Global cotton yields are going “up and up,” but at the same time production costs are going in the same direction, presenting one of the biggest challenges facing U.S. cotton farmers.

“It takes a concentrated effort by growers to do everything possible to maintain input costs,” said Kater Hake, vice president of agricultural research for Cotton Incorporated.

Speaking at the Young Guns Cotton Tour held in Raleigh, N.C. , in mid-June, Hake said the good news for U.S. farmers is precision agriculture, conservation tillage and integrated pest management are “flagship” cost-control programs for U.S. cotton farmers.

“This gives you a real competitive advantage over the rest of the world because you can do precision everything,” Hake said. “You’ve learned how to apply product on a precision basis so you don’t waste product when you don’t need it. And you focus where you get the biggest bang for the buck. That’s a huge advantage that you have.”

Beginning in the 1990s, farmers began customizing their production practices on a field-by-field basis. “Now that we have precision agriculture, you have the ability to customize production practices for each part of the field and each zone. And each zone is getting smaller and smaller. That’s a huge advantage you have,” Hake noted.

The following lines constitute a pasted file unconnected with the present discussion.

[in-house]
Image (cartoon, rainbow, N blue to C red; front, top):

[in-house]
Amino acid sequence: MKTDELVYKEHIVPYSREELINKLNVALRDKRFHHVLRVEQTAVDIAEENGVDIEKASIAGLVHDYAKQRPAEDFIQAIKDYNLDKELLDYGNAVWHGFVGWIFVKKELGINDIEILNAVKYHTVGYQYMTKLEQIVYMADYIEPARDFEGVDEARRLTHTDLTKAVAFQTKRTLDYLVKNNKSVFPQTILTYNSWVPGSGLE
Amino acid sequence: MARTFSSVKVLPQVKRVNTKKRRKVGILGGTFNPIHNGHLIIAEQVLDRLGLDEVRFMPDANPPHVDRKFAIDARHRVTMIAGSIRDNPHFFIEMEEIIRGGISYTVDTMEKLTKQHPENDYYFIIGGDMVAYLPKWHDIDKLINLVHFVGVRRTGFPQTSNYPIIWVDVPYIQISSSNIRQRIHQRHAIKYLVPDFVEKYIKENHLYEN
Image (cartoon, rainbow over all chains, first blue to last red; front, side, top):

Cotton breeders are beginning to develop stress-tolerant varieties thanks to remote sensors that allow them to measure how hot a plot is, how tall the plant is, or how fast the plant grows.

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“I believe in the next five years we are going to see a huge increase in cotton varieties that are more stress tolerant. Because the technologies for remote sensing for breeding are going along very rapidly and have been well adopted by the industry,” he said. “Not only do we want better varieties and the tools to do that, but you need the tools to identify what is the best variety for your land, for your property, and for your management style.”

More than 100 young farmers from all 16 cotton producing states converged on Raleigh, N.C., on June 15 for the Cotton Board’s annual “Young Guns Tour” of Cotton Incorporated’s North Carolina research facility. Tour participants were in their 20s and early 30s, and Berrye Worsham, Cotton Incorporated’s president and CEO, said they represent the future of the cotton industry. He encouraged the group to take on more active leadership roles in the cotton industry.

Brad Robb, vice president of communications for the Memphis-based Cotton Board noted that the median age of farmers is 56 to 57, and this older generation will soon be retiring and turning over the operations to their children. He said it is critical that the new generation understands and appreciates the research and promotion work of Cotton Incorporated.

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